Saturday, March 11, 2006

Reputed Gambino leaders reject plea deal

Friends of ours: Gambino Crime Family, Arnold "Zeke" Squitieri, Anthony "The Genius" Megale, Alphonse Sisca

The reputed leaders of the Gambino crime family rejected a plea offer Wednesday that would have headed off a New York trial and the testimony of an FBI agent who prosecutors said infiltrated the Mafia family, an attorney said.

Arnold "Zeke" Squitieri, who allegedly served as Gambino boss, and Anthony "The Genius" Megale, who prosecutors said was the family's No. 2 man, were among dozens of people arrested in the New York mob sweep last year.

Federal prosecutors offered a plea deal that included a wide range of prison sentences of up to 15 years for nine defendants in the case, said Stephan Seeger, who represents Megale.

The defendants had until Wednesday to accept the offer and Seeger said it was rejected because all the defendants couldn't agree. He said he expects some defendants, including Megale, will continue negotiating before trial.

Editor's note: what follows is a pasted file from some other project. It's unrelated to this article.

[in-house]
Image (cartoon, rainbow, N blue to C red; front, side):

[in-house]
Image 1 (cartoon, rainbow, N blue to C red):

Squitieri's attorney, Gerald Shargel, had no comment on the negotiations and said he was preparing for the May 8 trial.

The U.S. attorney's office in New York had no comment Wednesday. Documents on file in New Haven, where Megale faces up to 6{ years in prison on a related case, also describe the negotiations.

Prosecutors say Squitieri, Megale and other defendants made millions of dollars through extortion, loan sharking, illegal gambling and other crimes during the past decade.

Megale, 52, of Stamford, was Connecticut's highest ranking gangster, prosecutors said. He pleaded guilty in October to racketeering conspiracy in Connecticut but denies being the Gambino underboss.

An FBI agent in the New York case posed as a mobster and helped make hundreds of secret recordings, authorities said. He was so convincing, the FBI said, he was considered for Mafia membership.

Attorney John L. Pollok, who represents reputed Mafia captain Alphonse Sisca, said Wednesday morning that plea negotiations have been difficult because prosecutors insisted all nine defendants take the deal.

Megale's attorneys are trying to negotiate a deal in which his sentence could run concurrently with whatever he receives in Connecticut.

Thanks to Matt Apuzzo

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